For 2,000 years, Christians have gathered all over the world to celebrate the birth of Christ, and not just as a historical event, but as a powerful reminder that God doesn’t give up on His promises—and as God’s children, we always have hope. The Christmas story began with the nation of Israel, a group of people who had good reason to lose hope—they hadn’t heard a word from God in hundreds of years. To the poets, prophets and priests, it seemed as if God might have turned His back on them. The thrilling nature of the Christmas story is that God didn’t turn His back, and although He had been silent, He had not been still. A baby was coming. God was putting skin on and moving into the neighborhood. Hope crashed into the silence.
Session Three: More Than a Story (December 5)
Bottom Line: The power of the Christmas story is that it isn’t just a story.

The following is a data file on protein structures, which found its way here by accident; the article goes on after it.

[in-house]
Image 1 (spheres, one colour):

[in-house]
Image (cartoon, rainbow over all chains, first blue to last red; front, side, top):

In the 21st Century, some 2,000 years after the words were written, the Christmas story has come under assault in our culture. Is this story even true? Perhaps you have wondered that yourself. With the local mall changing its slogan from “Merry Christmas” to “Happy Holidays,” perhaps you have secretly wondered if Christmas should be more about celebrating family than the birth of a Savior. Through reading the gospel of Luke—and understanding why he wrote his letter—we discover that the Christmas story is more than a story. The Christmas story is an event in history. Understanding Luke’s historical context helps us realize that our faith isn’t in faith and our belief isn’t in belief. The Christmas story is a historical event with real names and faces, real stables and horses. When we understand this, what makes the “Holy Night” of Christ’s birth so wonderful is that it actually happened. (Session 3 concludes with a special session video we have created, and the video is included for free with your series downloads in the graphic support folder.)